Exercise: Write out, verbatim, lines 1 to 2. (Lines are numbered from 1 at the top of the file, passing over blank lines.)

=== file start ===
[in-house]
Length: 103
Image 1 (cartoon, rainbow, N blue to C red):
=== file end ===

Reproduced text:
[in-house]
Length: 103